It should also be noted that if a terrorist’s goal is to terrorize Americans about air travel then they don’t even have to go through security. As has been pointed out by numerous security experts, committing a terrorist attack on the security line itself would be easily as effective in crippling our air traffic as attacking a plane.
One final note. My wife and I were in Fiji on our honeymoon earlier this year. We were preparing to board a flight back to the US and went through security. When we arrived at our gate area of the relatively small Nadi International Airport, there was a secondary screening for US-bound passengers. I’ve seen this before and, despite how silly it seemed, I watched as my wife was led into one half of a plywood box and I was led into the other and our stuff was searched a second time. In searching my carryon a local TSA contractor pulled out a small, one-ounch clear container of hand lotion. He turned to me and said: “Sir, this needs to be in a plastic bag.” I asked him why and he said that all toiletries need to be in a clear plastic bag. I tried to explain to him that the purpose of that rule is so that he can easily examine toiletries (plural) but since this was a single container, already clear, that the clear plastic bag served no purpose. He replied, “But Sir, this has to be in a clear plastic bag.” I went on: “You do realize that the clear plastic bag doesn’t provide any magical form of security, don’t you? You are aware that the whole point of the plastic bag is to see, clearly, the object that you are currently holding in your hand? That if this object were nefarious, a glad sandwich bag would not have any ability to protect us.”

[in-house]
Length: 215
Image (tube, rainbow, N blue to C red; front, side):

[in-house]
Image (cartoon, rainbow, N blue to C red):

His response: “Sir, I’m not worried about that. The rule is that this has to be in a clear plastic bag.”
In an effort to help security for all Americans he then said: “If you need a clear plastic bag, you can buy one from that shop over there,” and pointed across the departure area to a small pharmacy shop. I shook my head sadly. I pointed to two gentlemen sitting in the “secure” area of US departures, and said to my TSA person: “But what about those two guys? They both have 12-ounce glass bottles of Snapple iced tea. How did those get in? Were they in clear plastic bags?”
His response was fantastic and without irony: “No, they bought those bottles at the shop.” I handed him the lotion and told him he could keep it.
Let me be clear in all this. I don’t want to see any terrorist attacks. I don’t want to see anyone hurt. However, if we’re going to be serious about security touching people’s junk, humiliating breast cancer and urinary tract cancer survivors, groping screaming 3-year-olds, feeling up half-naked children, putting clear plastic bottles in clear plastic bags, and other absurd exercises in theatricality are not the place to start.